Cynodon dactylon is a warm grass which grows slowly in cold weather, in shade or in dry soils. Grows in a range of soils from sand to heavy clay to poor soil; thrives best in medium to heavy moist and well-drained soil. Grows in either acid or alkaline conditions and survives floods and drought (through regrowth from underground rhizomes). May be found in the tropics in areas with 600 to 1800 mm of annual rainfall.

May be found in arid regions thriving along rivers and in irrigated area. Found in lower altitudes throughout warm regions of the world and grows along roadsides and in exposed rocky or sandy sites up to 2270 meters in altitude. Widespread and common in Fiji especially near roadsides, riversides and hillsides to an altitude of 850 meters. Sometimes forms dense mats on the upper parts of beaches and near mangrove swamp. A common roadside, lawn grass and plantation weed in New Guinea found to an altitude of at least 1800 meters.

Harmful effects of Bermuda grass

  • It competes for nutrients, water, soil, light and space with crops resulting to low production.
  • It’s has allopathic effects on peach.
  • Acts as host to very wide range of organisms and is often implicated as an important alternative host of crop pest and disease like bacterial leaf blight of rice /covered smut of sorghum.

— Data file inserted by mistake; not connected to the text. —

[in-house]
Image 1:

• The pollen of Bermuda grass has been shown to produce allergy symptoms in asthmatics.
  • Reduces native biodiversity.
  • Its increase the cost of production because its capital intensive as well labor intensive through mechanical and chemical control.

Adaptation of Bermuda grass.

  • Bermuda grass produces seed heads under stress condition such as drought.
  • Bermuda grass produce numerous seeds which are small about 2000,000 seeds per pound.
  • They grow under a wide soils from heavy clays to deep sand, provided fertility is not a limiting factor.
  • Bermuda tolerates both acidic and alkaline soil conditions and is highly tolerant to saline conditions.
  • Bermuda grass leaves and stems remain dormant until average dairy temperature rise above 50 for several day.
  • The roots and rhizomes of Bermuda grass continues to grow several weeks after the leaves and stems stop growth.
  • Bermuda grass develops into a semi dormant states during very dry condition, but has the capability of serving extreme drought.
  • Rhizomes of Bermuda grass can loss 50% or more of their weight and still, recover when favorable moisture developed.
  • It has deepest roots and rhizome penetration and better withstand prolonged drought period.

Weed management